Avoiding a dreaded double-dip recession — such as that of the early 1980s — will require advanced countries to navigate a tricky transition, says Olivier Blanchard, chief economist of the International Monetary Fund. Globally, public stimulus will add 1 percentage point to world growth this year before tapering off to less than half a percentage point in 2010, according to UBS.

In the U.S., the Federal Reserve must turn off its extraordinary efforts to pump money into the financial system, and the federal government must trim its unprecedented budget deficits in time to prevent inflation from igniting. Once governments around the world withdraw their extraordinary support, they will leave a vacuum that private-sector demand must fill.

If it does, the recovery will chug along uninterrupted. But if private demand fails to surge, forward momentum will stall. "The recovery has surprised me a little bit with its strength. ... (But) I still don't see where the sustainable aspects of the recovery are coming from," says George Magnus, senior economic adviser to UBS in London.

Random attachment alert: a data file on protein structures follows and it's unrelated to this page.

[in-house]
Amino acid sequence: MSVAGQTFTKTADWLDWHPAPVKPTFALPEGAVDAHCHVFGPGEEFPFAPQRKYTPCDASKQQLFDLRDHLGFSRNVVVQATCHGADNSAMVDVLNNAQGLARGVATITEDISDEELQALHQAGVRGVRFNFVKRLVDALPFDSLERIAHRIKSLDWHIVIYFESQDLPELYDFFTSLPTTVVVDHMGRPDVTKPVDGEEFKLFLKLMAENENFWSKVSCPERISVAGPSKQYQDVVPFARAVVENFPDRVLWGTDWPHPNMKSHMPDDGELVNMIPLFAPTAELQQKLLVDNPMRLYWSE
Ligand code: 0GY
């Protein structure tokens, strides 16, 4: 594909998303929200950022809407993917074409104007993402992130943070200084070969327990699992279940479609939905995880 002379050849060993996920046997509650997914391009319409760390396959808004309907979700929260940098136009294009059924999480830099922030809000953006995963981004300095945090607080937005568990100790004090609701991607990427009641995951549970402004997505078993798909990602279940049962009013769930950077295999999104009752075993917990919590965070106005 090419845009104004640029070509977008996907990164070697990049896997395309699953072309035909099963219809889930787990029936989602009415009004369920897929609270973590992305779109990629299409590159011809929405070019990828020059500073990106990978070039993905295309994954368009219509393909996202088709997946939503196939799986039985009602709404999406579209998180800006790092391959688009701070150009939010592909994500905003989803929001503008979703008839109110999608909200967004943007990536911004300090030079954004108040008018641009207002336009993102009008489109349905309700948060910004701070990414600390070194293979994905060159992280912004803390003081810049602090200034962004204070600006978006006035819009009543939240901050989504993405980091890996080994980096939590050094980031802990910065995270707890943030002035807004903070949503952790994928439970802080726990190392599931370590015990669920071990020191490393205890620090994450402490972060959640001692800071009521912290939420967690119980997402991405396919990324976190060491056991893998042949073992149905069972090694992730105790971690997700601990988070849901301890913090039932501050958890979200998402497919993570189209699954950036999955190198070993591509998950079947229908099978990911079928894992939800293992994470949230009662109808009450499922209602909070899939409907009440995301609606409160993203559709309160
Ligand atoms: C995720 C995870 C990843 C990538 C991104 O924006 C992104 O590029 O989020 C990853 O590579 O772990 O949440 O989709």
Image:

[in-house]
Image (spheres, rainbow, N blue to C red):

The savior of private demand could come from three sources: consumption, investment and net exports. Consumers, however, are sidelined by the need to repay debt. Investment, too, is unlikely to contribute much to growth, because many industries already are saddled with unused capacity. (Think anyone will build a new auto plant any time soon?)

That leaves one option, the IMF's Blanchard explained in a recent analysis: "Sustained recovery is likely to require an increase in U.S. net exports and a corresponding decrease in the rest of the world, coming mainly from Asia." Economists call that kind of fundamental shift rebalancing. And they say it's long overdue.